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to do. i look forward to become your partner in all the days and years ahead. let's keep fighting for opportunity and dignity. let's keep fighting for freedom and equality. let's keep fighting for full participation. and let's keep telling the world over and over again that, yes, women's rights are human rights and human rights are women's rights. once and for all. thank you, all, so much. >> actually by the way, this morning we got a copy of hillary clinton's remarks to the "daily beast" which had her saying, should be a partner. here's where she changed it in the written version from the written to the spoken, and champion in the days and years ahead. she left out, as you saw in her read, word champion which she approved in an earlier draft, decided that's not occasion. we went through a presidential election. we know that. as new polls and the travel schedules come out, it's clear the race for 2016 is simmering already. i have two pulitzer prize winning people here who can tell the future.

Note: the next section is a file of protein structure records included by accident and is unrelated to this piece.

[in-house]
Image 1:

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cynthia tucker. cynthia, i do this to people who are columnists and have an opinion. do you want hillary clinton to be the next president? >> i certainly want her to run, chris. >> you want her to run. you're not willing to commit yet. >> i want her to run, yes. >> you won't endorse. >> i'm not willing to say. i don't know what's going to happen in the next four years. >> i just want to know what you think now. >> there could be a little known state legislator out there somewhere who springs forward and makes a brilliant candidate. i doubt it. that's the reason i want hillary to run. >> okay. thank you. you can't commit, can you? can you commit? "the washington post" is made of sterner stuff. >> i'm not going all in. >> you'll get a call from the editor. let me ask you about -- what did you make of her -- i love to do this. it drives people at home crazy who don't like this show to start with. here's hillary, that apparently approved a script for this